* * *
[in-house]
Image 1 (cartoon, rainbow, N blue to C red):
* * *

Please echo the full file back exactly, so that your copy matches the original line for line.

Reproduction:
[in-house]
Image 1 (cartoon, rainbow, N blue to C red):